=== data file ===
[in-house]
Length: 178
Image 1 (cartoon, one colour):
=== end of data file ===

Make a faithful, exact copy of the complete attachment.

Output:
[in-house]
Length: 178
Image 1 (cartoon, one colour):